A sudden downpour made parts of Central Avenue impassable Thursday and ensnared vehicles attempting to negotiate the high water.
Hot Springs Public Works Director Denny McPhate said it took the city’s utility department about 45 minutes to clear the Files intersection using portable hydraulic and diesel pumps. They removed the remnants of what the city’s seven rain gauges showed was 1.63 to 1.87 inches of rain.
“That happened in about an hour and 20 minutes,” he said, suspecting that the storm drain carrying runoff from the state highway to ditches along Lakeland Drive may have been obstructed or collapsed. “It’s not draining properly. We’ll have to do some investigating or talk to the (Arkansas Department of Transportation) and have them do some investigating on what might be going on there. We’ve never had that happen there before.”
Entergy Arkansas Inc.’s rain gauge at Carpenter Dam collected 1.31 inches from 10 a.m. to noon. Its gauges at Little Mazarn and East Gulpha creeks showed they had risen almost 4 feet and 2 feet by early afternoon.
The National Weather Service said Garland County had about 2.2 inches of rain, with the storm increasing in intensity as it moved to the northeast. NWS meteorologist Lance Pyle said damage was reported near the Interstate 30 and 430 interchange in Pulaski County.
The Franklin intersection is in a low spot, with Central 20 to 30 feet below areas to the east and west. McPhate said it floods about once a year.
“It’s so old, I’m not sure the Franklin drain is sized for a 25-year event.” he said, explaining that storm drains are typically designed for a 25-year flood. “If we get an abnormally heavy rain it will flood, but it won’t last longer than 15 or 20 minutes. (Thursday) was at least a 25-year event with that much rain in such a short period of time.”
McPhate said Central was also flooded farther north, with both southbound lanes in the 2000 block in front of First Baptist Church Hot Springs underwater.
Airport Director Glen Barentine said water almost reached the terminal at Hot Springs Memorial Field. The parking lot conveys water from Airport Road to the terminal entrance during heavy rain events, Barentine said, as the terminal is about 20 feet below the road. He said recent improvements to the entryway off Airport slowed the water down, giving it time to fall into storm drains, but Thursday’s downpour still presented problems.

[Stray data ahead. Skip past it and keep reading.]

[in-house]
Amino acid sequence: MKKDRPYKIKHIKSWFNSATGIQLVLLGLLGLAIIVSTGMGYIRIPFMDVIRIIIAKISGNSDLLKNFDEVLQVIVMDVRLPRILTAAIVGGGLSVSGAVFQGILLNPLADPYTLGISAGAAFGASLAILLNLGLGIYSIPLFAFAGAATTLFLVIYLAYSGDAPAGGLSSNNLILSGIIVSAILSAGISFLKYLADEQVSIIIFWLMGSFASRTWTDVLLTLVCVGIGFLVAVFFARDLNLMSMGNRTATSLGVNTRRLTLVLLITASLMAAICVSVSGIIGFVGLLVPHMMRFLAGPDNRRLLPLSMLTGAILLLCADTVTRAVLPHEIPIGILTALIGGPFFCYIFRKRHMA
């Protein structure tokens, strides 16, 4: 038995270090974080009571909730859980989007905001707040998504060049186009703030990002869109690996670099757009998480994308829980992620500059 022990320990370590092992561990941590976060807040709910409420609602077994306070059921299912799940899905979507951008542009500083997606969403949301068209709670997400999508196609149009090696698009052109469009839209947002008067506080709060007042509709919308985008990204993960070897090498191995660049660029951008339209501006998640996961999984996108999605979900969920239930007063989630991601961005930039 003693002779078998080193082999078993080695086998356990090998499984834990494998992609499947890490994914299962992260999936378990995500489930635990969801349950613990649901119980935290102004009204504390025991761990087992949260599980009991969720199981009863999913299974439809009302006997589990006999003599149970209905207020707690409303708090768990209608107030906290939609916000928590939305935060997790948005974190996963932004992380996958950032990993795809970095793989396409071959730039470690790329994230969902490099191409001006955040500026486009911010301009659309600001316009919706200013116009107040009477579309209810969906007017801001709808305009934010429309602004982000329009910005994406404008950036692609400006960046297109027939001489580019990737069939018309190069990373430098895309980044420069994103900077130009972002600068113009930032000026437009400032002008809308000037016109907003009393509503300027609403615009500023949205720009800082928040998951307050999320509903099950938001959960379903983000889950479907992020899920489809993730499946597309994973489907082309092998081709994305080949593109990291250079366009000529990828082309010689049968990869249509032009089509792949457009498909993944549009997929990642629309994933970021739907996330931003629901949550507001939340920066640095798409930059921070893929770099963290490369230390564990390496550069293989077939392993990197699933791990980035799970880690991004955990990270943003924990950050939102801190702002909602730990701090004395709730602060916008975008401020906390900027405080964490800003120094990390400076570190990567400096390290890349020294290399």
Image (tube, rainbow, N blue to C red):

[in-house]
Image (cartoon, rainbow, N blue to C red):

“It helped control it, but if it had rained another 20 minutes the terminal would’ve been flooded,” he said.
Garland County Department of Emergency Management Director Bo Robertson said first responders reported flooding in the southern part of the county at the 400 and 500 blocks of Mountain Carmel and South Moore roads.
Entergy issued a high-water notification Thursday when the releases from Remmel Dam exceeded 30,000 cubic feet of water per second. The flows from Remmel peaked at 55,920 cfs at around 4:15 p.m. Thursday. Entergy Arkansas Inc. officials said in an email they expected them to decrease from that point, and had begun to close the spillway gates.
Entergy issues a high-water notification when releases from Remmel Dam reach 30,000 cfs, the trigger point for high-flow notifications.
Around 5 p.m., Entergy said in an email that the flows from Remmel had dropped to 29,990 cfs and receding, with no additional significant rainfall expected for the watershed area, so it was deactivating its response plan.
“Both lakes Hamilton and Catherine stayed within their normal pool levels and are currently stable,” the email said.
“Carpenter and Remmel dams are not able to retain flood waters in the way that Blakely Mountain Dam can and must pass all of the inflow received from rainfall through the dams via generation flow and opening gates,” Kimberly Bogart, Lakes and Property coordinator with Entergy Arkansas Inc., said Thursday.
While Blakely Mountain Dam, which is managed by the U.S. Army Corps of Engineers, received about three-quarters of an inch of rain the last 24 hours, Carpenter and Remmel rain gauges reported about 1.5-2 inches in the five hours between 8 a.m. and 1 p.m. Thursday, Entergy said.
“Thankfully this flash flood storm has passed through our area quickly,” said Bogart. “Without an ongoing sustained rainfall this event should be much shorter than those experienced in the past with prolonged periods of rainfall.”
“Like the area streets that became flooded during this event, areas of the lakes experienced significant changes in water levels due to the runoff caused by this flash flood. The lakes, as a whole body of water, react differently than the streams and tributaries that lead to them. Much of the flooding seen in the city of Hot Springs entered directly into Lake Hamilton, which fluctuated six-tenths of a foot during this event. With less rain falling in the smaller watershed that feeds Lake Catherine, passing those flows from Hamilton though Lake Catherine caused it to vary just over three-tenths of a foot during this event,” Entergy said in an email.
Rain chances are in the forecast today and Saturday. Pyle said skies are expected to clear by Sunday.